Animal Biology: Diabetes

Animal Biology: Diabetes

  • Diabetes is a medical condition characterised by an individual’s inability to regulate the glucose level in their blood effectively. It can be subdivided into type 1 and type 2.

  • Type 1 diabetes tends to develop in younger individuals. The person’s immune system mistakenly attacks cells in the pancreas that produce insulin, destroying them and thus inhibiting insulin production. No known preventative measures exist for type 1 diabetes.

  • Insulin is a hormone that facilitates the movement of glucose from the bloodstream into cells, where it is used for energy. In the case of type 1 diabetes, glucose cannot enter the cells as there is no insulin, and it builds up in the bloodstream.

  • As a result, individuals with type 1 diabetes need to take insulin regularly to help their body use glucose. This could be through injections or an insulin pump.

  • Type 2 diabetes tends to affect people later in life, particularly those overweight or obese. In this form of the disease, the body’s cells become less responsive to insulin, a phenomenon known as insulin resistance.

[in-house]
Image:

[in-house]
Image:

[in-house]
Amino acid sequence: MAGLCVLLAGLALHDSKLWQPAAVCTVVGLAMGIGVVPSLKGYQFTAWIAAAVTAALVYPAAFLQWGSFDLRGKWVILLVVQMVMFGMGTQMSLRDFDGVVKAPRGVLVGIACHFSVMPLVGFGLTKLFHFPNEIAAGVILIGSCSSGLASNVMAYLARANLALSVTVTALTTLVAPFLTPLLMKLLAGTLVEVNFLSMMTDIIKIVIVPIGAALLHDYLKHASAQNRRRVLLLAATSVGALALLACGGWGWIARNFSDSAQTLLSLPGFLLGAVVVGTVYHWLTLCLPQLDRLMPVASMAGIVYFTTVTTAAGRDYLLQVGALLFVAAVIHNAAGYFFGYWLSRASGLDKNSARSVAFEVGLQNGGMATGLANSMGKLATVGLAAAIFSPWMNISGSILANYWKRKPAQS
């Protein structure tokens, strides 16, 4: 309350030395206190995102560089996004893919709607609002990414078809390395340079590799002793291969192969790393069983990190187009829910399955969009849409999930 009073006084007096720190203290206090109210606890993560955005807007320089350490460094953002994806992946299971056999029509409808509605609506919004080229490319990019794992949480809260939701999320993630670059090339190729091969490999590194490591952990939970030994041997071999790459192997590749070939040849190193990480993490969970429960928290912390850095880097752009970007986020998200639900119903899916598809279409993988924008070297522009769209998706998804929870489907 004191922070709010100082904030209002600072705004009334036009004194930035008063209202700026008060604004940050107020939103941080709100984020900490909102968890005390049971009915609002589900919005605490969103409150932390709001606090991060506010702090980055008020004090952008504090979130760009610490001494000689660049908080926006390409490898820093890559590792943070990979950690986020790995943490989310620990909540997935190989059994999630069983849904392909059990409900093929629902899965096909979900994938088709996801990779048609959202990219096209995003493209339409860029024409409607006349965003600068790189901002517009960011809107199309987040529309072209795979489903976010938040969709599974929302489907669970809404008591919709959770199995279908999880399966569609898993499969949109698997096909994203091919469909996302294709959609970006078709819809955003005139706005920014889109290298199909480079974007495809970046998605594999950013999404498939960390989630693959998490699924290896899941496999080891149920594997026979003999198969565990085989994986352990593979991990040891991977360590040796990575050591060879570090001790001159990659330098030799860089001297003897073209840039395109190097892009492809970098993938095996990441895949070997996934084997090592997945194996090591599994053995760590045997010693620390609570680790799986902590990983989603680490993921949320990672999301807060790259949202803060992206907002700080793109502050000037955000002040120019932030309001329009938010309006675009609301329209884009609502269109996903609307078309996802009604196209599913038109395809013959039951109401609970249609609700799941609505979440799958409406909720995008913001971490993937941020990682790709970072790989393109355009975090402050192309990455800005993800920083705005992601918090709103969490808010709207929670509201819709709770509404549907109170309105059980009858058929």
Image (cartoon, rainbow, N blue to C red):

• A common method used to manage type 2 diabetes includes changes in diet and increasing physical activity. Sometimes, medication is needed if lifestyle adjustments are not effectively managing blood glucose levels.

  • Potential complications of untreated or poorly managed diabetes can include eye damage, kidney disease, and nerve damage.

  • Both types of diabetes can lead to high blood glucose levels (hyperglycaemia) that, over a long period, can cause serious damage to the body’s organs.

  • In contrast, hypoglycemia refers to dangerously low levels of blood sugar. This usually occurs in individuals with diabetes who have taken too much insulin, skipped meals, or have done more exercise than usual without eating enough to compensate.